Not all students come to Bowdoin immediately after being admitted. Some take time between high school and college—often referred to as a gap year—to advance their education or gain experiences outside of traditional schooling. This is the first in a series of columns that will profile these students and their experiences between high school and arriving at Bowdoin. 

Half French and half Chinese-American, Alessandra Laurent moved to Taiwan after living in Los Angeles during middle school. Having lived and studied in both the United States and Taiwan, Laurent decided to spend her gap year experiencing life in France and connecting to that part of her family’s heritage.

“The idea was to live in that context for a year and understand that part of my identity,” Laurent said.

Laurent chose to study in a pre-college prep program with other secondary school graduates studying to pass exams allowing them entrance into France’s top universities. While she was fluent in French prior to studying in Paris, Laurent found the tasks of writing analytical papers and reading literature in French difficult.

“The whole educational philosophy was really different and foreign to me” said Laurent. “In writing essays, the whole format of the way you construct an argument is different—the way they think about arguing anything is different.”

After assimilating to the French educational system, Laurent has found the transition back to American academics challenging. 

“I just had to write my first paper [at Bowdoin] recently and I was like, ‘wait, how do I go about this?’” said Laurent. “I’ve gotten used to defining every single term and analyzing every single notion and organizing it more in the French way.”

Elena Mersereau ’18 also took a gap year, but unlike Laurent, she was not entirely sure of where she would go or what she would do. Originally from Brunswick, Maine, Mersereau decided she needed to see more of the world before starting college.

“I probably wouldn’t have ended up at Bowdoin if I hadn’t taken a gap year. I think it was really necessary for me to get out of Brunswick before I came back for four years,” she said.
Mersereau began her gap year in New York City, working as a fashion design intern in the Garment District and later on the Upper East Side.

“I’ve always been interested in art and fashion and that whole world,” said Mersereau, “It sounds very glamorous to be a fashion design intern.” 

After a few months, however, Mersereau realized her work in the industry wasn’t as fulfilling as she had hoped.

“At the end of the day, I realized I didn’t feel very good about what I was doing,” she said. “I need to [have] a career that I feel good about and that I can see is reaching people in positive ways.”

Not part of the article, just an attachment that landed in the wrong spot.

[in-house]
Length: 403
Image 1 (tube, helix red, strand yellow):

So Mersereau changed her course. Leaving the bright lights of the New York fashion world, she spent four months traveling through New Zealand working as an organic farmer.

Mersereau first learned about World Wide Opportunities on Organic Farms (WWOOF) at the Bowdoin 2017 Admitted Students Weekend. She met a current student who told her about WWOOF. Although she can’t remember his name, she does remember that he wore Vibram FiveFingers Shoes.

Mersereau has never spoken to this student since, but she would like him to know that he changed her life. 

After backpacking through New Zealand working on dairy farms and picking hazelnuts, Mersereau has become interested in organic living. She hopes to continue this pursuit in the Bowdoin Organic Garden.

While Mersereau was nervous starting her first year at Bowdoin—worried she wouldn't remember how to do school work—she thinks that her experiences have aided her transition into college life.

 “I feel like I have things to offer to people and I have a story to tell, more so than I would have if I had come right out of high school,” she said.

Laurent also believes her gap year helped to prepare her for living at Bowdoin, a small residential community.

 “It gave me a year to learn how to be independent before I came to college,” she said.
However, Laurent says that her gap year experience has given her a different perspective from those of her peers in the Class of 2018. 

Mersereau has noticed that her experience during her gap year has set her apart from her fellow classmates. 

“It’s been harder to find people who I connect with because people straight out of high school have a different perspective and a different expectation for college than I do,” she said.
Overall though, both students were happy with their experiences, and glad that they made the decision to take a gap year. 

“I feel a lot more confident now,” said Mersereau, “More ready for the college experience.”